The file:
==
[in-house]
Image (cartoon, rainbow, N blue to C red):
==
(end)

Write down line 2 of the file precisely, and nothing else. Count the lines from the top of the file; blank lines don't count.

Image (cartoon, rainbow, N blue to C red):